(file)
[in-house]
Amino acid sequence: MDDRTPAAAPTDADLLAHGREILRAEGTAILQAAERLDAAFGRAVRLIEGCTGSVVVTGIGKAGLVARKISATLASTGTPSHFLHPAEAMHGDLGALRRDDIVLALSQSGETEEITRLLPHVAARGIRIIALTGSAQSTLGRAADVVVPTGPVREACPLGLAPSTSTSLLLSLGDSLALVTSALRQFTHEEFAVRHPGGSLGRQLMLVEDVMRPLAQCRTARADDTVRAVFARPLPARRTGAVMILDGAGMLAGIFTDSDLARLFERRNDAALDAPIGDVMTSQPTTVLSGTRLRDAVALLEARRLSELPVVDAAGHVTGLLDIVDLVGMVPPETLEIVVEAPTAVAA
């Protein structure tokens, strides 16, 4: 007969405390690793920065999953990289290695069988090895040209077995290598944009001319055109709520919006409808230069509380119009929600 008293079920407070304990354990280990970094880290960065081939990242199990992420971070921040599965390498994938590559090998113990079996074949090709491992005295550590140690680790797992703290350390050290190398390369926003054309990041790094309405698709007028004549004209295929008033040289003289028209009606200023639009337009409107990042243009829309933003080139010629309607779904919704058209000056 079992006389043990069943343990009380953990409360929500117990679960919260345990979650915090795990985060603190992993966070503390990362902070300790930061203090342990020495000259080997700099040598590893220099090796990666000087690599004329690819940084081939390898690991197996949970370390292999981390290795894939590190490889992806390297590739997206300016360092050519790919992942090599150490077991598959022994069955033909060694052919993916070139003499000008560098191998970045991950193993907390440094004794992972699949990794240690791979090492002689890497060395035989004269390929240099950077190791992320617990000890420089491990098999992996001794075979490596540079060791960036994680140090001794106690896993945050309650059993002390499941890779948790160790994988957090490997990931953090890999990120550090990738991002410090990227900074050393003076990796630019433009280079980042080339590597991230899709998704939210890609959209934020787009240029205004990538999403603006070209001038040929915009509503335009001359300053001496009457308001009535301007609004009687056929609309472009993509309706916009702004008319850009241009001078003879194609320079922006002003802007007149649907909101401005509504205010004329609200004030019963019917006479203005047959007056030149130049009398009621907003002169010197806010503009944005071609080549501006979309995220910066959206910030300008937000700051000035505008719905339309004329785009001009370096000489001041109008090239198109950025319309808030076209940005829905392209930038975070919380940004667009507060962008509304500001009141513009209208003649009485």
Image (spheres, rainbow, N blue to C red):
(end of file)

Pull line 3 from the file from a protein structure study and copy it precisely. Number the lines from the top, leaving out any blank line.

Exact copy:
């Protein structure tokens, strides 16, 4: 007969405390690793920065999953990289290695069988090895040209077995290598944009001319055109709520919006409808230069509380119009929600 008293079920407070304990354990280990970094880290960065081939990242199990992420971070921040599965390498994938590559090998113990079996074949090709491992005295550590140690680790797992703290350390050290190398390369926003054309990041790094309405698709007028004549004209295929008033040289003289028209009606200023639009337009409107990042243009829309933003080139010629309607779904919704058209000056 079992006389043990069943343990009380953990409360929500117990679960919260345990979650915090795990985060603190992993966070503390990362902070300790930061203090342990020495000259080997700099040598590893220099090796990666000087690599004329690819940084081939390898690991197996949970370390292999981390290795894939590190490889992806390297590739997206300016360092050519790919992942090599150490077991598959022994069955033909060694052919993916070139003499000008560098191998970045991950193993907390440094004794992972699949990794240690791979090492002689890497060395035989004269390929240099950077190791992320617990000890420089491990098999992996001794075979490596540079060791960036994680140090001794106690896993945050309650059993002390499941890779948790160790994988957090490997990931953090890999990120550090990738991002410090990227900074050393003076990796630019433009280079980042080339590597991230899709998704939210890609959209934020787009240029205004990538999403603006070209001038040929915009509503335009001359300053001496009457308001009535301007609004009687056929609309472009993509309706916009702004008319850009241009001078003879194609320079922006002003802007007149649907909101401005509504205010004329609200004030019963019917006479203005047959007056030149130049009398009621907003002169010197806010503009944005071609080549501006979309995220910066959206910030300008937000700051000035505008719905339309004329785009001009370096000489001041109008090239198109950025319309808030076209940005829905392209930038975070919380940004667009507060962008509304500001009141513009209208003649009485």